How do you plan your lessons?
As a language arts teacher, one of the core components of my lesson planning is text selection. College- and career-ready standards prioritize the use of richly layered, complex text for all students. I have found that locating quality, engaging text is paramount to my ability to design thought-provoking, text-dependent questions and tasks that guide students to think critically and carefully about the text.
Complex text also lends itself so well to teaching the nine other reading standards because there is depth to the material on the page. Once I have picked my text and aligned it with the standards, I take into consideration how I will support struggling readers to access the material that they might not otherwise be able to read on their own.
I have found that using manipulatives, such as cutting apart the text to draw their attention to an important passage, or giving word cards to help them see patterns in author’s word choice, can be helpful as well as strategies like framed paragraphs to help students write more sophisticated responses. I also think about how I can meet the needs of my gifted students, which may include incorporating additional texts or research.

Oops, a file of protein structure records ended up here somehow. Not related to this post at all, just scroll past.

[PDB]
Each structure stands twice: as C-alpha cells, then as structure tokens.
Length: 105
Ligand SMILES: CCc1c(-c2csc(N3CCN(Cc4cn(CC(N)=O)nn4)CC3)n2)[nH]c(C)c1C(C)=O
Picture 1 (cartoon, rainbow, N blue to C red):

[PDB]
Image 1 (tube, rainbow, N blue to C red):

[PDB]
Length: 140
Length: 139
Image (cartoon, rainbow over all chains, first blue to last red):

What qualities make an ideal lesson?
The best lessons are ones where the students are clearly and intentionally asking and answering questions that not only address the content of the lesson, but also connect to other content areas as well. I love when we have to pull ourselves away from our lesson because class is over!
How do you respond when a student doesn’t understand your lesson?
Generally speaking, students will understand at least some part of the material, so it is my job to figure out where the breakdown happened. I usually will sit down with a student one-on-one and start back at the beginning of the lesson. Sometimes, this includes having them tell me what the directions were. Sometimes I ask them to tell me about what they just read, while other times, I have them walk me through their thinking about a particular question. Out of these conversations, it usually becomes clear quickly what the misconception or gap in thinking was and I can work directly with the student to make adjustments and corrections.
What is your go-to trick to re-engage a student who has lost focus?
Middle school is an interesting age because there can be literally a million reasons why a student has lost engagement. But I have started to notice that when one has lost focus, others are likely to follow.